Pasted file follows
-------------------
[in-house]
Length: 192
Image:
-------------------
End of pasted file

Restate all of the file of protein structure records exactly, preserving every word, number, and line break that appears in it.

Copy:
[in-house]
Length: 192
Image: